Big transformations lie ahead for leadership according to the 2015 Deloitte Millennial Survey – Executive summary, “Mind the Gaps.” The younger generation is aligned with its current leaders’ priority of “ensuring the long-term future of the organization.” Beyond this, however, Millennials place far greater emphasis on employee wellbeing and employee growth and development. With the workforce rapidly moving from Boomers to Millennials, Boomers are no longer the controlling force in the employee category and their values, methods of communication and operating systems are rapidly giving way to the new millennial generation workforce. This diversity within is causing much chaos, reducing the wellbeing of all. The research states Millennials believe that an organization’s treatment of its employees is the most important consideration when deciding if it (the organization) is a leader.
Are companies strategically prepared for this tsunami shift in the workforce?
High Maintenance or Soft Touch
The up-and-coming generation of employees at first glance seems high maintenance, brash, demanding and opinionated – especially when it comes to relating to the boomer generation of leaders and associated employees. But a closer look reveals a new generation that is worried about stressors like health care cost, their own personal health and how their workplace environment adversely contributes to their wellbeing. Along with this comes a long laundry list of concerns such as job insecurity, long hours, little autonomy and the perception of an unfair workplace as noted in 2015 reports by Harvard and Stanford Universities.
The next few decades will see a huge emphasis placed on the workplace environment, how it impacts the workforce and how to improve it. Leadership will be forced to actually look at the workplace environment from all angles and evaluate not only what is the best for the company but what also serves the employees the best. A recent Gallup global study showed that 13 percent of employees are engaged in their jobs, while 63 percent are not engaged and 24 percent are actively disengaged. Change must come quickly to empower Millennials to be part of the engaged group instead of becoming actively disengaged because they are bored, aren’t communicated with according to their standards or overly stressed.
Create a Workplace Environment that Enhances Wellbeing
Reduce Stress – Create a workplace environment that eliminates distractions, reduces chaos and noise, providing an empty canvas, so to speak, which will empower and engage employees while improving their wellbeing. You create such environments by:
- Using specific colors on the walls – for example, light green or blue are very calming yet enhance the flow of productivity.
- Paying specific attention to the way the flow of focus moves throughout your organization and removing barriers and distractions that obstruct its flow – for example, if two departments work closely together don’t separate them by miles of walls, cubicles and red tape.
- Placing equipment and locating people for efficiency, to save time and to have immediate access – for example, place the department head within the team not in an inaccessible ivory tower office.
Engage the Workforce in the Process – Do not try making such changes in a vacuum. Whereby Boomers waited to be told what fire to extinguish and how, the Millennials want to be part of the process. They want to be heard and make a meaningful difference. The best way to reduce the 63 percent unengaged and increase the 13 percent engaged is to make them part of the solution.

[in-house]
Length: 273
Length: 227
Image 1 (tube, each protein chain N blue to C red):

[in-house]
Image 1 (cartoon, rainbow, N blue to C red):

Incorporate all forms of engagement from team meetings and think tanks to anonymous electronic communications. Create a sense of trust and confidentiality up front by stating that no idea is wrong, too small or too “out there.”
Communicate, communicate, communicate!
Boomers often felt left in the dark when decisions were made and rarely questioned them but not the Millennials. They are the instant generation, instant food, instant communications and instant rewards. They want to know the what, when, where, why and how — and they want it now. Even more important, they want feedback – not the pat-on-the-back type but real time feedback about the quality and quantity of their work and how it can be improved. They want direct and open lines of communication and they want the naked truth when it comes to performance.
The challenge for leadership is to be attentive enough to notice shifts in performance and thinking; they need to correct or applaud that when they get a chance. The opportunity is at the very moment you notice the shift – stop for one minute and provide the feedback right then. Remember, Millennials also are the tech generation and use their electronic gadgets as work tools, therefore are also open to communication through their favored form of media. Employee performance, engagement and wellbeing will improve.
A major shift descending upon the workplace can be overwhelming and seem unmanageable if you are not prepared. When leadership is prepared to deal with such change not only does it improve the wellbeing of the employee, it also reduces stress and improves the wellbeing of its leaders.
© Pat Heydlauff, all rights reserved 2015
Pat Heydlauff, a “flow of focus” expert, speaker and consultant designs workplace environments that fuel the flow of focus, maximizes productivity and yields future sustainability. She is author of the forthcoming book, Focus • Connect • Regenerate 7 Ways to Lead and Fuel Sustainability and published books, Feng Shui, So Easy a Child Can Do It, The Way We Go, Your Roadmap to a Better Future and Selling Your Home with a Competitive Edge. Contact her at 561-408-2708 or www.engagetolead.com.Share